happen anytime and anywhere. And when disaster strikes, you may not have
much time to respond. Help could be hours or even days reaching you. Would
your family be prepared to cope with the emergency until help arrives?
One way to prepare is by assembling a Disaster Supplies Kit.
are six basics you should stock in your home: water, food, first aid
supplies, clothing and bedding, tools and emergency supplies and
items. Keep the items that you would most likely need during an evacuation
in an easy-to-carry container, such as a large, covered trash container,
a camping backpack or a duffel bag.
Store in plastic containers such as soft drink bottles. Avoid using containers
that will decompose or break, such as milk cartons or glass bottles. Store
one gallon of water per person per day for drinking, cooking and sanitation
purposes. Keep at least a three-day supply for each person in your household.
Store at least a three-day supply of non-perishable food. Select foods
that require no refrigeration, preparation or cooking and little or no
water. Some examples of good foods: canned fruits and vegetables, canned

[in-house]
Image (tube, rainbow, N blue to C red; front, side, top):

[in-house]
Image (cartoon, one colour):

juices, staple items (sugar, salt, pepper), high energy foods (peanut butter,
jelly, crackers, granola bars, trail mix), vitamins, comfort! stress foods
(cookies, hard candy, instant coffee), special diet items (for infants,
elderly or special need individuals.)
Aid Kit: Assemble a first aid kit for
your home and one for each car. The American Red Cross offers ready-to-go
first aid kits that will work in almost any situation, as well as training
in basic first aid for most situations. A first aid kit should include:
sterile bandages and pads, adhesive tape, scissors, tweezers, needle, antiseptic,
thermometer, lubricant, cleaning agent! soap, latex gloves (2 pairs), sunscreen,
aspirin or non aspirin pain reliever, anti-diarrhea medicine, antacid,
Syrup of Ipecac (use to induce vomiting if advised by the Poison Control
Center), laxative, activated charcoal (use if advised by the Poison Control
Center), and other items.
& Supplies: Paper cups, plates and
plastic eating utensils, battery operated radio and extra batteries, flashlight
and extra batteries, cash or traveler's check and change, non- electric
can opener, utility knife, toilet paper, soap, feminine supplies, personal
hygiene items, disinfectant and bleach are all good items to have.
& Bedding: Include at least one complete
change of clothing and footwear per person. Include also rain gear and
blankets or sleeping bags.
Items: Remember family members with special